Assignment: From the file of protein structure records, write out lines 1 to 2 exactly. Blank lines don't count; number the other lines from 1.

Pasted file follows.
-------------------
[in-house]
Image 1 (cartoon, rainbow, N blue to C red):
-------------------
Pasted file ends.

[in-house]
Image 1 (cartoon, rainbow, N blue to C red):